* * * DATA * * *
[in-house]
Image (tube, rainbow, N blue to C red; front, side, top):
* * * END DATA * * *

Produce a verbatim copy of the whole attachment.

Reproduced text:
[in-house]
Image (tube, rainbow, N blue to C red; front, side, top):